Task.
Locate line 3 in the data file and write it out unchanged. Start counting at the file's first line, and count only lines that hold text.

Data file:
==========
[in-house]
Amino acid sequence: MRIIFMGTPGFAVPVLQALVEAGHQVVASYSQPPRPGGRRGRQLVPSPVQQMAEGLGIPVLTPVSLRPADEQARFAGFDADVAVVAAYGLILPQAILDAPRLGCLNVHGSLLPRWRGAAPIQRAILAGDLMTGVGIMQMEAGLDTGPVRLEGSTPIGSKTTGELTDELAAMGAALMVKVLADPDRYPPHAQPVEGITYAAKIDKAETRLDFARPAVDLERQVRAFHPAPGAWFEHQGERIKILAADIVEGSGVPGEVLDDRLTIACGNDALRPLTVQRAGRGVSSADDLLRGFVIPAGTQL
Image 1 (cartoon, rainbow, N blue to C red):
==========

Image 1 (cartoon, rainbow, N blue to C red):